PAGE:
Android 13 may support multiple eSIMs, even if a phone wasn’t built for it

Android 13 may support multiple eSIMs, even if a phone wasn’t built for it

Phones have traditionally used physical cards called SIM cards to connect to cellular networks, but there has been slow progress on switching to a digital version called eSIM. One of the reasons we haven’t seen more phones dropping the SIM card slot entirely is that Android doesn’t have great support for multiple eSIMs, which needs to happen first before most manufacturers can make the switch. The upcoming Android 13 update appears to be laying the groundwork for exactly that.

Esper reports that the codebase for Android 13 contains an implementation of a patent filed by Google in 2020, which allows multiple SIM profiles to be used on a single embedded chip. This works by splitting the single physical data bus between the modem and eSIM chip into multiple logical interfaces that are multiplexed on a single physical interface. It’s sort of like how most modern CPUs split physical CPU cores into logical CPU cores, so more tasks can be performed at the same time.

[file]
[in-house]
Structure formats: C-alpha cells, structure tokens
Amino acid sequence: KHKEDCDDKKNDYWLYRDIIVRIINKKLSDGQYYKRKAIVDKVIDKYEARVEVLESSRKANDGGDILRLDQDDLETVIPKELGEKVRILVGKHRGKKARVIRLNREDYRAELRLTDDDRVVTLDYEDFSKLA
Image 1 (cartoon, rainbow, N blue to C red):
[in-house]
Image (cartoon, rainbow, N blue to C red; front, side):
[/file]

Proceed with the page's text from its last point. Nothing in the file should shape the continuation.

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Unlike physical SIM cards, which require a large slot on the side of a phone or tablet, eSIM only requires a small component on the device’s motherboard. That leaves more space in the phone for a larger battery, camera hardware, or anything else. However, there haven’t been many phones that drop the physical SIM card slot entirely — partially because many carriers still don’t support eSIM, and partially because many devices sold internationally need to have two SIMs of some kind. Two eSIMs is an option, which the iPhone 13 series offers, but that adds more complexity.

Google hasn’t mentioned this functionality publicly yet, but if it does stay in Android 13 for the final release, we’ll likely hear more about it soon. The new functionality could lead to wider eSIM support across phones, as long as carriers can be convinced.

Source: Esper

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Corbin Davenport
Corbin Davenport

Corbin is a tech journalist and software developer. Check out what he's up to at corbin.io.

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